In contrast, the railroads that you mentioned, a couple of hitting some new highs today. The railroads actually were up, but underperformed the S&P for only the second time in the past 22 years. So they've had an incredible stretch, but just slightly underperformed. But the transport as a group really did very well. Again, given the demands, given the ability to really raise pricing so we saw that flow through and outweigh the increase in costs and labor costs.

JULIE HYMAN: Hey, Ken. It's Julie, here. Speaking about costs and speaking about pricing, I know you guys have various rate indicators that you watch and it seems like those rates are, sort, of steadying to some extent, at least on the charts in your most recent note. So what does that tell us about how 2022 is going to go? Not just-- I'm curious about what it means for these companies, but also, what it implies about shipping more broadly.

KEN HOEXTER: Yeah. Great. And I forgot to say, good morning and Happy New Year to everybody. Thank you for having me on.

Julie, great question. I mean, when think about what's going on in our survey, our survey-- we survey over about 1,500 trucks shippers every two weeks and the demand indicator, which measures the shippers' view of demand in the market, has cooled off a bit. It's come down into the upper 60s, down from its all-time peak of 78 a couple of months ago. But it tells us that we're still elevated, we're still above the long-term historical average, but it definitely has come off of those peaks.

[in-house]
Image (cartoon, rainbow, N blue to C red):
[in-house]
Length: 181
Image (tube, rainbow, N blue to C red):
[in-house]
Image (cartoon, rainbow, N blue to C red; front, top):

So things are starting to loosen up a little bit. They're not as tight. We're seeing that on the capacity indicator, which suggests that the shippers are seeing a little bit more capacity availability. We're seeing that on the pricing. As you mentioned, pricing is coming off of its all-time highs and is coming down a little bit, but again, it's still very, very elevated historically.